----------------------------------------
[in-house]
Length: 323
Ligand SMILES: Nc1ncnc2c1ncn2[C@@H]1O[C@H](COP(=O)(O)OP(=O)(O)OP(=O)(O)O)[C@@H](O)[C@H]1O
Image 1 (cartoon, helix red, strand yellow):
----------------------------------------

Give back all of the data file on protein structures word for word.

[in-house]
Length: 323
Ligand SMILES: Nc1ncnc2c1ncn2[C@@H]1O[C@H](COP(=O)(O)OP(=O)(O)OP(=O)(O)O)[C@@H](O)[C@H]1O
Image 1 (cartoon, helix red, strand yellow):